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Stephen Nolan is unique, but can same be said for average autocue-reader?


Big earner: Gary Linekar

Big earner: Gary Linekar


Big earner: Gary Linekar

It's easy to have a go at the BBC over the inflated salaries of some big name presenters. The phrase "shooting fish in a barrel" comes to mind. As austerity continues to bite, we all want to see the rich squirm a little.

But just because something is easy doesn't mean it shouldn't be done, especially when what makes the BBC different is that we all pay for it directly.

The money that goes into presenters' pockets is our money, and the punishments for not coughing up are severe. A mind-boggling 184,595 people were charged in the UK last year with dodging payment. Dozens were imprisoned.

The State is literally sending poor people to jail to pay Gary Lineker more than £1.75m to sit on a comfy chair and present Match Of The Day.

What's more infuriating about yesterday's publication of the list of 96 stars earning more than the Prime Minister, though, is the argument that the BBC is forced to pay these large wages because, in a competitive market, salaries must reflect the demand for particular broadcasters' services.

That's fair enough if we're talking about genuinely unique talents. Stephen Nolan, who's been revealed to earn between £400,000 and £449,000 a year, falls into that category. There's no one else who could do what Nolan does, across multiple platforms on both local and national TV and radio, and he'd be snapped up in a jiffy if he left the BBC.

But can the same really be said about John Humphreys, part-time presenter of Radio Four's Today programme? Some days he's on great form. Other days he's a dreadful bore. Most days he's just average, no better or worse than anyone else doing the same job on regional TV and radio up and down the country. Even taking into account that he fronts Mastermind too, £650,000 is a gigantically idiotic reward for asking a few questions of MPs in the morning.

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The same goes for Huw Edwards and Fiona Bruce of the Six O'Clock News. Do we really care that much who intones the headlines to give one of them more than a half a million pounds a year and the other between £350,000 and £399,000 (no prizes for guessing which is which)? They're reading an autocue. It's not complicated heart bypass surgery.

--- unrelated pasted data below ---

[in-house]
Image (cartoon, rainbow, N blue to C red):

As for the presenters of The One Show, I couldn't possibly say if they're worth small fortunes, never having managed to sit through a whole episode.

Come to think of it, I don't know anyone who has.

These personalities may be right to argue that they could earn significantly more if they jumped ship to a rival broadcaster, but there are plenty of popular, effective presenters who didn't make the list, and must therefore be taking home less than £150,000. There's no reason to believe viewers and listeners would switch off in droves if they took over from the pampered ranks of the loadsamoney brigade.

Earning so much that you no longer have anything in common with the captive chumps who pay your wages doesn't matter so much if you're working in pure entertainment such as Strictly Come Dancing or The Great British Bake Off. Showbiz has always been about glamour.

But in news and current affairs, there's something troubling about seeing some big names pocketing annual salaries that would be regarded by the vast majority of ordinary working people as life-changing lottery wins.

They can hardly be blamed for taking the cash. That's how the free market works. But the figures do provoke a certain disquiet, and that must mean something, if only that ignorance is bliss and we were better off not knowing the truth. At least when ITV chucks millions at chat show host Jonathan Ross for being an increasingly unfunny parody of his former self, it comes from advertising revenue, rather than being bought at the price of locking up scores of peasants for not giving their annual tithe to the lord of the manor.

Numerous other salaries are being funded the same iniquitous way too. The BBC has so-called 'talent contracts' with more than 43,000 individuals. They might be earning less than £150,000, but that isn't to say they're not overpaid too. Collectively, it all adds up. As for the other thousands of pen-pushers and administrators and consultants and backroom staff behind the scenes, what do they do to justify their wages? We haven't a clue because they're invisible. They're escaping attention whilst everyone has a pop at Chris Evans.

Ultimately, perhaps the real question is whether we'd be quibbling over the figures at all if we were satisfied with the service that the BBC provides. There are nuggets of gold in there, but there's plenty of dross too.

Auntie Beeb's problem is that she doesn't seem to know the difference in value between the two.

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